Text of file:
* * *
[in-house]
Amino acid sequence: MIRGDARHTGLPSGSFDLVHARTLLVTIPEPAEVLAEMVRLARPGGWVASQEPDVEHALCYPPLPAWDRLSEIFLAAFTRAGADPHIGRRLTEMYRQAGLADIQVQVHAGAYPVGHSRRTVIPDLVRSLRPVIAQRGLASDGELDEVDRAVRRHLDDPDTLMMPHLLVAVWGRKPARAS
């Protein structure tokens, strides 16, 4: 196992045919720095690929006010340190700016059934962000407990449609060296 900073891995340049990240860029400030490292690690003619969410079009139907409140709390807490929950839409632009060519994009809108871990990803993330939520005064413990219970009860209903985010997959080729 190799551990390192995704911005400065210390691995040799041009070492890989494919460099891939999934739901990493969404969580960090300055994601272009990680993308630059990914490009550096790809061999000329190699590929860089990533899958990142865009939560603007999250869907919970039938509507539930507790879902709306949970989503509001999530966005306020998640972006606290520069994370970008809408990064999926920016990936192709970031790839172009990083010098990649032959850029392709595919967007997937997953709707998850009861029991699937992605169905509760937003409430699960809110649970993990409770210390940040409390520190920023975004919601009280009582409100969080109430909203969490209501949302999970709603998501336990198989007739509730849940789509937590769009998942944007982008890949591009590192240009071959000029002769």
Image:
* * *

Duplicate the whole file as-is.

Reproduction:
[in-house]
Amino acid sequence: MIRGDARHTGLPSGSFDLVHARTLLVTIPEPAEVLAEMVRLARPGGWVASQEPDVEHALCYPPLPAWDRLSEIFLAAFTRAGADPHIGRRLTEMYRQAGLADIQVQVHAGAYPVGHSRRTVIPDLVRSLRPVIAQRGLASDGELDEVDRAVRRHLDDPDTLMMPHLLVAVWGRKPARAS
């Protein structure tokens, strides 16, 4: 196992045919720095690929006010340190700016059934962000407990449609060296 900073891995340049990240860029400030490292690690003619969410079009139907409140709390807490929950839409632009060519994009809108871990990803993330939520005064413990219970009860209903985010997959080729 190799551990390192995704911005400065210390691995040799041009070492890989494919460099891939999934739901990493969404969580960090300055994601272009990680993308630059990914490009550096790809061999000329190699590929860089990533899958990142865009939560603007999250869907919970039938509507539930507790879902709306949970989503509001999530966005306020998640972006606290520069994370970008809408990064999926920016990936192709970031790839172009990083010098990649032959850029392709595919967007997937997953709707998850009861029991699937992605169905509760937003409430699960809110649970993990409770210390940040409390520190920023975004919601009280009582409100969080109430909203969490209501949302999970709603998501336990198989007739509730849940789509937590769009998942944007982008890949591009590192240009071959000029002769």
Image: